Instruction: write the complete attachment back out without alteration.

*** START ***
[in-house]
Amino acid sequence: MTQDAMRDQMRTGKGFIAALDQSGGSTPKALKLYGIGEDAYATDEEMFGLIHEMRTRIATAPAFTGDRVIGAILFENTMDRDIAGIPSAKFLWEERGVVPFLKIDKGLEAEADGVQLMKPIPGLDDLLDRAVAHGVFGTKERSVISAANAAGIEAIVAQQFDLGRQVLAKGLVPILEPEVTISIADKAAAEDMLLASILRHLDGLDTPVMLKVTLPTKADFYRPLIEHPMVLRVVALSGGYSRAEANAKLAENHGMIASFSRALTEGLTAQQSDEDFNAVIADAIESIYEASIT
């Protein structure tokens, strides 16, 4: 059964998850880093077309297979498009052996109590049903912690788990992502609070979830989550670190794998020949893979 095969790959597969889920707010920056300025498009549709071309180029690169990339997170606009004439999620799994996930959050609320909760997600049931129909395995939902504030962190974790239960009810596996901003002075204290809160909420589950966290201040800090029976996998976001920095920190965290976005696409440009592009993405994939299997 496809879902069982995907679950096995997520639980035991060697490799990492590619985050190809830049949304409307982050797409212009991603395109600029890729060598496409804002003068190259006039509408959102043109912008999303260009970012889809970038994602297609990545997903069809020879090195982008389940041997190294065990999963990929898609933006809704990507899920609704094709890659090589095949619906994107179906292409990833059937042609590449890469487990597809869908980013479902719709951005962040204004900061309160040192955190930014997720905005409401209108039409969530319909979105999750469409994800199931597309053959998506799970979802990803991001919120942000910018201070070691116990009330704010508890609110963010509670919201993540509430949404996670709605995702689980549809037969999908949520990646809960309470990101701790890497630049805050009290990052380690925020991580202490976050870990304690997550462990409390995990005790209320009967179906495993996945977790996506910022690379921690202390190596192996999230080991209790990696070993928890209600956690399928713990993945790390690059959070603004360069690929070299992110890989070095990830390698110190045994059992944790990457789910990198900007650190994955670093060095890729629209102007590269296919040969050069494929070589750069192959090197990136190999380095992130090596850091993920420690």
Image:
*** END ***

[in-house]
Amino acid sequence: MTQDAMRDQMRTGKGFIAALDQSGGSTPKALKLYGIGEDAYATDEEMFGLIHEMRTRIATAPAFTGDRVIGAILFENTMDRDIAGIPSAKFLWEERGVVPFLKIDKGLEAEADGVQLMKPIPGLDDLLDRAVAHGVFGTKERSVISAANAAGIEAIVAQQFDLGRQVLAKGLVPILEPEVTISIADKAAAEDMLLASILRHLDGLDTPVMLKVTLPTKADFYRPLIEHPMVLRVVALSGGYSRAEANAKLAENHGMIASFSRALTEGLTAQQSDEDFNAVIADAIESIYEASIT
């Protein structure tokens, strides 16, 4: 059964998850880093077309297979498009052996109590049903912690788990992502609070979830989550670190794998020949893979 095969790959597969889920707010920056300025498009549709071309180029690169990339997170606009004439999620799994996930959050609320909760997600049931129909395995939902504030962190974790239960009810596996901003002075204290809160909420589950966290201040800090029976996998976001920095920190965290976005696409440009592009993405994939299997 496809879902069982995907679950096995997520639980035991060697490799990492590619985050190809830049949304409307982050797409212009991603395109600029890729060598496409804002003068190259006039509408959102043109912008999303260009970012889809970038994602297609990545997903069809020879090195982008389940041997190294065990999963990929898609933006809704990507899920609704094709890659090589095949619906994107179906292409990833059937042609590449890469487990597809869908980013479902719709951005962040204004900061309160040192955190930014997720905005409401209108039409969530319909979105999750469409994800199931597309053959998506799970979802990803991001919120942000910018201070070691116990009330704010508890609110963010509670919201993540509430949404996670709605995702689980549809037969999908949520990646809960309470990101701790890497630049805050009290990052380690925020991580202490976050870990304690997550462990409390995990005790209320009967179906495993996945977790996506910022690379921690202390190596192996999230080991209790990696070993928890209600956690399928713990993945790390690059959070603004360069690929070299992110890989070095990830390698110190045994059992944790990457789910990198900007650190994955670093060095890729629209102007590269296919040969050069494929070589750069192959090197990136190999380095992130090596850091993920420690």
Image: